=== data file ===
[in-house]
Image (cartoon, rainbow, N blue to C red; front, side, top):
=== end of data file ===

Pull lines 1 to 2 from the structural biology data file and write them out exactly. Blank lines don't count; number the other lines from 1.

[in-house]
Image (cartoon, rainbow, N blue to C red; front, side, top):